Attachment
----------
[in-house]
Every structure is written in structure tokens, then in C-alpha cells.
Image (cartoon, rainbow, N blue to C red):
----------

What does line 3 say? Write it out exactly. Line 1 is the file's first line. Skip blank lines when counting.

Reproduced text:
Image (cartoon, rainbow, N blue to C red):